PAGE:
Local Newspapers and Media


IT WAS DUE to the foresight and the enterprise of Alexander Elder that the first printing-press was brought to Peebles in 1814. He was a stationer and bookseller, with a shop on the south side of the High Street. Two years before that he gave Peebles its first circulating library, which contained over 2,000 books. It was there that William and Robert Chambers developed their love of books and most likely caught the smell of printer's ink that was to capture their lives and to add lustre to Scottish publishing and to the literary heritage of the English-speaking world.

Alexander Elder printed and published a small pamphlet entitled The Concise History of the Origin and Progress of the Art of Printing. This first publication produced in Peebles was described as a 'quaint production, the printer having considerable difficulty with his capitals and the spacing of words'. Nothing, however, can detract from his worthy effort in bringing the art of printing to the town. It may well have inspired the idea of a locally-produced newspaper.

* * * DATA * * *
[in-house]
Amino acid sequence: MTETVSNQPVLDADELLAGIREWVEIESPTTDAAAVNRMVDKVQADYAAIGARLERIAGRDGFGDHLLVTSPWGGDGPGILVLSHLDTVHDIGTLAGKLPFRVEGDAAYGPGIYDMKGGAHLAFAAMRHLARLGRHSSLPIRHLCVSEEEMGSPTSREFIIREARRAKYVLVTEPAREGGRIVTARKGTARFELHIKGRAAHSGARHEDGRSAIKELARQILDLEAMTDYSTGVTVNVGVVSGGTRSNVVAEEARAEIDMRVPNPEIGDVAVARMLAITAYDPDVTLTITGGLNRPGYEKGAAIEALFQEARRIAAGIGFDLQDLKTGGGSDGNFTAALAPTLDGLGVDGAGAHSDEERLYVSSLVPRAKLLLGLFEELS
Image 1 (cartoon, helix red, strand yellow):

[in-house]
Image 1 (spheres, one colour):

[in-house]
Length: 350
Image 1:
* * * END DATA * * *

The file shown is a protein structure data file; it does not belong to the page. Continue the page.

Two names are closely associated with the starting of the first local newspaper. Andrew Murray, a printer and publisher of newspapers with a business in Edinburgh, was the first 'publisher', but, the newspaper had a 'local agent' and he was Alexander Scott. It proved to be a timely initiative that was most likely due to the foresight of Alexander Scott, because the newspaper came into being shortly after he had acquired Elder's business. Certainly J. Walter Buchan gives him the credit for starting the newspaper but it is clear from the first copies that Alexander Scott was not the publisher but the 'local agent'. The fact that the Peeblesshire Monthly Advertiser and Tweedside Journal quickly became established in the town was undoubtedly due to Scott with his local connections and his knowledge of Peebles and its affairs.